The research suggests that probiotic supplementation could be a primary way to support infant health and prevent future disease. To find out where they could be helpful, I’ve checked out the scientific literature.
Your baby may have distinct benefits from probiotic supplementation. Her intestinal microflora is still being established, unlike yours. This means that introduced species may actually be able to establish a permanent niche in her intestinal tract. Furthermore, her immune system is still being developed. There is now strong evidence that shows cross talk between the immune system and the microflora. These initial communications can determine her health in the future.
Published studies suggest that infant probiotics could have the following short-term benefits:
Why colic occurs is unknown. One hypothesis that is gaining momentum is an abnormal composition of intestinal bacteria. One study treated 90 breastfed infants with a Lactobacillus reuteri strain. Crying was reduced within seven days of treatment, and the response rate was almost 100%. The second study with a related strain also showed improvements. Others trials using formula with added beneficial bacteria found some success with Bifidobacterium lactis combined with Streptococcus thermophilus.
Reducing Respiratory Infections
Probiotics may help prevent the common cold and ear infections. L. rhamnosus GG and B. lactis Bb-12 given daily prevented ear and respiratory infections. In a study using infants older than four months, L. salivarius combined with formula was also promising. Another study using prebiotics, which promote good bacteria, reduced the frequency of colds but not ear infections.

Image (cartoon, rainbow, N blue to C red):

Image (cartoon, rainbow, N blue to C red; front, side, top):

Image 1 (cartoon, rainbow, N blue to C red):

In a large Norwegian study, scientists investigated the development of several diseases in 40,614 children. Children that had mothers that consumed probiotic milk during pregnancy and were also given probiotics once they were born had less eczema. In a recent review examining eczema prevention in infants, it was suggested that the most optimal method to prevent allergy in babies is to provide probiotics during pregnancy and give them to the baby after birth. Lactobacillus rhamnosus strains were the best candidates for eczema prevention.
Prevention of Diarrhea
In young infants, viral diarrhea is often a problem. Studies indicate that probiotics can provide help in the form of both prevention as well as treatment. B. lactis Bb-12 and L. rhamnosus GG are good candidates for the prevention of acute diarrhea. The literature also suggests that treatment with probiotics can shorten the duration of diarrhea by approximately one day. To shorten diarrhea in babies, the yeast Saccharomyces boulardii appears to be the best option.
While probiotic use is, in many ways, experimental, they are generally considered safe for babies. Many commercial formulas contain beneficial bacteria. Still, It’s wise to be cautious. It is important to choose only baby probiotic formulations and avoid one’s made for adults. Also, it is wise to consult your pediatrician before attempting to treat your child’s conditions with probiotics alone.